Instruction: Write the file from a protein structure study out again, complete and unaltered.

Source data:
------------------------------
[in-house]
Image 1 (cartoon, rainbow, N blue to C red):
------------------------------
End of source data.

[in-house]
Image 1 (cartoon, rainbow, N blue to C red):